WASHINGTON, May 9
Whatever happened to National Reporters Day? LINK
In the spirit of Congressman Goodling (and after feting our mothers yesterday), we'd like to restart the debate about the virtues of such a holiday.
It could be a day where political reporters can play the inside-the-Beltway game as well as any politician. We too would be able to downplay the kinds of things that affect our readers'/viewers'/listeners' lives in favor of the week's telltale Washington stories.
So think not so much about the solid and important jobs numbers from last Friday, a potential nuclear North Korea, improving gas prices, or Cold War redux. Instead, we focus your attention on the stories that may be reaching some climax among the Gang of 500 this very week.
We envision a National Reporters Day where we could pull aside the elected officials of our choice to satisfy our given curiosity for that news cycle. Today we'd like to get the answers to some of these:
For Sen. Reid: As your word choices begin to gain a reputation of its own, do you think that your public image will be more or less helpful in your negotiations with Sen. Frist over judges and with the White House over Social Security?
For Sen. Voinovich: Which phone call that you might have received during your overseas recess travel was the one that caused Senators Lugar and Hagel to hint that John Bolton's nomination will likely be moving to the Senate floor after Thursday's vote?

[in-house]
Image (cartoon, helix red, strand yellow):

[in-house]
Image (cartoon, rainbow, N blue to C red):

For Rep. DeLay: Which MOC will be assigned the task of taking attendance at Thursday night's gala? And what are the repercussions for those conference members not present?
For Sen./Dr./Leader Frist: If you don't pull the rules change trigger this week, will you be able to avoid being perceived as weak by those in your party who are actively seeking the change? Or will the compromise for which several editorial boards and opinion shapers seem to be clamoring put you in a place of strength as a leader who went to the brink of war and avoided it?
For John Edwards: All kidding aside, were you joking up at Harvard?
With the President overseas until tomorrow and blessed with a relatively light public schedule the rest of the week, the center of gravity this week lies somewhere between the Capitol building and the Senate office complexes, save for the brief intrusion of the EIA's weekly gas price survey numbers at 4:30 pm ET today.
Officially, the Senate will finish the conference report on the supplemental Iraq/Afghanistan spending tonight or tomorrow morning, and then resume deliberation of the highway bill, which will probably last the week. But unofficially, both parties plan to act as if the nuclear/constitutional option has already been triggered.
"The process leading to all 100 members deciding whether to restore the precedent of a fair up or down vote on judicial nominees could begin at any time," a senior Republican leadership aide says, even as Roll Call breaks news of the most concrete centrist deal floated to date.
Today is the four-year anniversary of the day the very first set of Bush appellate nominees was sent to the Senate. Sen. John Cornyn has an event at 11:00 am ET that mourns the Miguel Estrada episode, and Democratic Sens. Schumer, Leahy, and Kennedy will focus on the once filibustered-now-renominated Judge Priscilla Owen.